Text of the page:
Spurs race out to big lead, hold off Heat in Game 3
San Antonio Spurs forward Tim Duncan (21) and forward Kawhi Leonard (2) defend Miami Heat forward LeBron James (6), during the first half in Game 3 of the NBA basketball finals, Tuesday, June 10, 2014, in Miami. (AP Photo/Wilfredo Lee)
San Antonio Spurs guard Tony Parker (9) drives to the basket over Miami Heat center Chris Bosh (1) and guard Mario Chalmers (15), during the first half in Game 3 of the NBA basketball finals, Tuesday, June 10, 2014, in Miami. (AP Photo/Wilfredo Lee)
MIAMI – Kawhi Leonard scored a career-high 29 points, and the San Antonio Spurs made an NBA Finals-record 75.8 percent of their shots in the first half in a 111-92 victory over the Miami Heat last night that gave them a 2-1 series lead.
The Spurs made 19 of their first 21 shots and finished 25-of-33 in the first half, bettering the 75 percent shooting by Orlando against the Lakers in the 2009 finals.
Leonard finished 10-of-13 after two quiet games in San Antonio. Danny Green and Tony Parker each had 15 points and Tim Duncan scored 14.
LeBron James and Dwyane Wade had 22 points for the Heat, who host Game 4 tomorrow.
Returning to the arena where they were oh-so-close to winning a fifth championship last year, the Spurs came out playing like they were trying to build a lead that was impossible to blow.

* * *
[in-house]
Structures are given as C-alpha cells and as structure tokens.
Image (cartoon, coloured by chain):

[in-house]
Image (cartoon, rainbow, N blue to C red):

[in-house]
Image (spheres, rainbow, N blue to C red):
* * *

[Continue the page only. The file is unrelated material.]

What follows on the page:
They shot 13-of-15 in building a 41-25 lead after one, then hit their first six shots in front of a stunned crowd in Miami while going ahead by as much as 25.
Leonard scored only 18 points in the first two games, looking frustrated while getting into foul trouble trying to defend James in Game 2. But he had his outside shot working early, and the effect on the Spurs’ offense was obvious.
The NBA Finals were back along the shores of Biscayne Bay for the fourth straight year, as much a part of the late-spring scene in Miami as beaches and boats. The last three NBA seasons ended right in this building, the last two followed by championship parades.
The local fans were being forced to watch a clinic by the Spurs, who closed the first half with a 9-2 burst after Miami tried to get back into it by closing to a 14-point deficit.
Coach Erik Spoelstra said he would keep communicating with James in Game 2 to make sure there were no lingering problems from the cramps that forced him to miss the final minutes of the opener.
But there was no way he could rest James early because James was the only one keeping the Heat in the game. He had 14 of their first 20 points, but even James couldn’t keep up with the Spurs’ pace.